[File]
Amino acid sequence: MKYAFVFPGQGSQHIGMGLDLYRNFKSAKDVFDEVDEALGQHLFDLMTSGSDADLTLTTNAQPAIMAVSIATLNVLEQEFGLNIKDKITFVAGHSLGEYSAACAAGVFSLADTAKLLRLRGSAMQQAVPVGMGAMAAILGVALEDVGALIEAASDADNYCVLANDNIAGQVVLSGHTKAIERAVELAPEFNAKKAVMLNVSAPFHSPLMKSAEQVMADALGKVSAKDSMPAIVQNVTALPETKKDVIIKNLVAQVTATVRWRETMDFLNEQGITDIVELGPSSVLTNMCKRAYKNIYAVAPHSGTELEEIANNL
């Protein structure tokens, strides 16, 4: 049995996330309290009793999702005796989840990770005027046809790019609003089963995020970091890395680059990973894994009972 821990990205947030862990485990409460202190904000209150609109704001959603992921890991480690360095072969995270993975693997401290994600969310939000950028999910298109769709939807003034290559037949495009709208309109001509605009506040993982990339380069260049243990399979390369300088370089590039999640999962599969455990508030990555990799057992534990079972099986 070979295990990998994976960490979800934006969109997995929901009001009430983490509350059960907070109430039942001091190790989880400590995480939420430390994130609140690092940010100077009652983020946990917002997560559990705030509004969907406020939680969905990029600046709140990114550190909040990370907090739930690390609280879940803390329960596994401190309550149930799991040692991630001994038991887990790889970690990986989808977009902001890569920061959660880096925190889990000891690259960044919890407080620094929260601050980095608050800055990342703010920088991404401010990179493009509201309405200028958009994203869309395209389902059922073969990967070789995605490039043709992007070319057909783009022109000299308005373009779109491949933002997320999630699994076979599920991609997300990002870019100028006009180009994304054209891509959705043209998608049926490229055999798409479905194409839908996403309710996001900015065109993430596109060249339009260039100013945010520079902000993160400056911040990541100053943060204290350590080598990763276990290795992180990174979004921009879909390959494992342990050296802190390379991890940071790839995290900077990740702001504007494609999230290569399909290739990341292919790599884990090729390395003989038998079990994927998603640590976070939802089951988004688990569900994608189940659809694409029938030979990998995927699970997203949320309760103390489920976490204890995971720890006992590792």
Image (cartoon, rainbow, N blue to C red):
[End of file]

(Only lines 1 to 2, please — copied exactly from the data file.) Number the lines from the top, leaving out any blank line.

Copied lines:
Amino acid sequence: MKYAFVFPGQGSQHIGMGLDLYRNFKSAKDVFDEVDEALGQHLFDLMTSGSDADLTLTTNAQPAIMAVSIATLNVLEQEFGLNIKDKITFVAGHSLGEYSAACAAGVFSLADTAKLLRLRGSAMQQAVPVGMGAMAAILGVALEDVGALIEAASDADNYCVLANDNIAGQVVLSGHTKAIERAVELAPEFNAKKAVMLNVSAPFHSPLMKSAEQVMADALGKVSAKDSMPAIVQNVTALPETKKDVIIKNLVAQVTATVRWRETMDFLNEQGITDIVELGPSSVLTNMCKRAYKNIYAVAPHSGTELEEIANNL
């Protein structure tokens, strides 16, 4: 049995996330309290009793999702005796989840990770005027046809790019609003089963995020970091890395680059990973894994009972 821990990205947030862990485990409460202190904000209150609109704001959603992921890991480690360095072969995270993975693997401290994600969310939000950028999910298109769709939807003034290559037949495009709208309109001509605009506040993982990339380069260049243990399979390369300088370089590039999640999962599969455990508030990555990799057992534990079972099986 070979295990990998994976960490979800934006969109997995929901009001009430983490509350059960907070109430039942001091190790989880400590995480939420430390994130609140690092940010100077009652983020946990917002997560559990705030509004969907406020939680969905990029600046709140990114550190909040990370907090739930690390609280879940803390329960596994401190309550149930799991040692991630001994038991887990790889970690990986989808977009902001890569920061959660880096925190889990000891690259960044919890407080620094929260601050980095608050800055990342703010920088991404401010990179493009509201309405200028958009994203869309395209389902059922073969990967070789995605490039043709992007070319057909783009022109000299308005373009779109491949933002997320999630699994076979599920991609997300990002870019100028006009180009994304054209891509959705043209998608049926490229055999798409479905194409839908996403309710996001900015065109993430596109060249339009260039100013945010520079902000993160400056911040990541100053943060204290350590080598990763276990290795992180990174979004921009879909390959494992342990050296802190390379991890940071790839995290900077990740702001504007494609999230290569399909290739990341292919790599884990090729390395003989038998079990994927998603640590976070939802089951988004688990569900994608189940659809694409029938030979990998995927699970997203949320309760103390489920976490204890995971720890006992590792």